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type name, as in LongFunction ( Figure 4-2 ). If the higher-order function uses a primitive
type, it is suffixed with To and the primitive type, as in mapToLong .
Figure 4-2. LongFunction
There are also specialized versions of Stream for these primitive types that prefix the type
name, such as LongStream . In fact, methods like mapToLong don't return a Stream ; they re-
turn these specialized streams. On the specialized streams, the map implementation is also
specialized: it takes a function called LongUnaryOperator , visible in Figure 4-3 , which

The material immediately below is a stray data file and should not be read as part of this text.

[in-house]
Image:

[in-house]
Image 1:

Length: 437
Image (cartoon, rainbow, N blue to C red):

maps a long to a long . It's also possible to get back from a primitive stream to a boxed
stream through higher-order function variations such as mapToObj and the boxed method,
which returns a stream of boxed objects such as Stream<Long> .
Figure 4-3. LongUnaryOperator
It's a good idea to use the primitive specialized functions wherever possible because of the
performance benefits. You also get additional functionality available on the specialized
streams. This allows you to avoid having to implement common functionality and to use
code that better conveys the intent of numerical operations. You can see an example of how
to use this functionality in Example 4-4 .
Example 4-4. Using summaryStatistics to understand track length data
public static
void printTrackLengthStatistics ( Album album ) {
IntSummaryStatistics trackLengthStats
= album . getTracks ()
. mapToInt ( track -> track . getLength ())
. summaryStatistics ();
static void
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